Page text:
For only the second time, and last time, in the Old Testament, there is a reference to a rainbow.  But again, just as in the Genesis 9 passage, the word translated “rainbow” here is qeshet, a word that normally refers to the battle bow.  This is highly significant, given the warfare imagery in this chapter.  Again, even though the word qeshet is referring to a rainbow, the rainbow itself in this passage refers to the battle bow.  Notice that Ezekiel says that the bow “surrounded” the one sitting on the throne.  Below I have inserted a drawing based on ceramic that comes from the ninth century BC, three hundred years prior to Ezekiel.  It depicts the Assyrian deity, the storm-god Asshur, flying through the heavens with a drawn bow, preparing to shoot his arrows at some enemy.  Note, however, what this bow actually is.

Asshur is seen here against the background of a sun disc.  Either the sun disc itself, or another circular object (a rainbow?) set against the sun, has turned into a battle bow in Asshur’s hands.  Asshur with the aura of the sun surrounding him, and perhaps a rainbow as well, is pictured here as a storm god, a warrior deity.

When God gives Ezekiel the vision which is recorded for us in chapter 1, he does so, utilizing symbolism and imagery with which Ezekiel would have already been familiar.  Again, this is not a “Care Bear” rainbow.  It is, rather, symbolic of the warfare that God is about to conduct against the people of Judah on account of their centuries of rebellion against his rule.  There is no mistaking what God is communicating to Ezekiel in this vision.  God is sitting on his throne, riding his war chariot, and surrounded by a brilliantly shining rainbow, i.e., battle bow, with which he is about to shoot his arrows at his enemies—in this case, his own people who have been in rebellion against him.

Will things be any different as we go into the New Testament?

(3) Revelation 4

There are only two places in the New Testament where a rainbow is mentioned; both are in the book of Revelation.

In Revelation 4:1-3, John relates what he saw:

1After this I looked, and there before me was a door standing open in heaven. And the voice I had first heard speaking to me like a trumpet said, “Come up here, and I will show you what must take place after this.”   2 At once I was in the Spirit, and there before me was a throne in heaven with someone sitting on it.  3 And the one who sat there had the appearance of jasper and carnelian. A rainbow, resembling an emerald, encircled the throne.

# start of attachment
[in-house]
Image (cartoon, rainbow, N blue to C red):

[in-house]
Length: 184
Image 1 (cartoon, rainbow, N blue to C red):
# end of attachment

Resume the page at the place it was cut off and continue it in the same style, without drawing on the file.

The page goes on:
Any serious scholar of the book of Revelation will tell you that in order to understand this book you also have to be acquainted with the book of Ezekiel.  Notice how the scene here and the scene in Ezekiel 1 compare.

First, in both, there is a vision of the Lord on his throne.

Second, in both, the Lord is surrounded by a rainbow.

Third, note that in Rev 4:5, John records that “From the throne came flashes of lightning, rumblings and peals of thunder.” The same phenomena are in the vision in Ezekiel 1 (vv. 4-5, 13-14, 24).

Fourth, the living creatures from Ezekiel 1 show up again in Rev 4:7-9.

Fifth, the warfare theme which we already saw in Ezekiel 1 is operative again in Revelation 4 and the chapters that follow.  Revelation 4-5 has to do with who is able to able to open the seals which, when opened, will unleash horrible vengeance and destruction against the enemies of God and the enemies of his people.  The Lamb, in the center of the throne, is found worthy to open these seals.

Whether or not the rainbow serves the same function as it does in Genesis 9 and Ezekiel, that is, as a battle bow, perhaps cannot be determined exactly.  But, in light of these comparisons, one thing does seem sure.  The description of the rainbow in Revelation 4 is not for the purpose of engendering warm and fuzzy feelings.  Rather, the rainbow encircling the throne contributes to the imagery of the awesome warrior God who sits on that throne.

(4) Revelation 10

Very briefly, note that even one of God’s servants, one of the angels, gets to be accompanied by the rainbow:

1Then I saw another mighty angel coming down from heaven. He was robed in a cloud, with a rainbow above his head; his face was like the sun, and his legs were like fiery pillars.   2 He was holding a little scroll, which lay open in his hand. He planted his right foot on the sea and his left foot on the land,  3 and he gave a loud shout like the roar of a lion. When he shouted, the voices of the seven thunders spoke.   4 And when the seven thunders spoke, I was about to write; but I heard a voice from heaven say, “Seal up what the seven thunders have said and do not write it down.”   5Then the angel I had seen standing on the sea and on the land raised his right hand to heaven.   6 And he swore by him who lives for ever and ever, who created the heavens and all that is in them, the earth and all that is in it, and the sea and all that is in it, and said, “There will be no more delay!   7 But in the days when the seventh angel is about to sound his trumpet, the mystery of God will be accomplished, just as he announced to his servants the prophets.”  (Rev 10:1-7)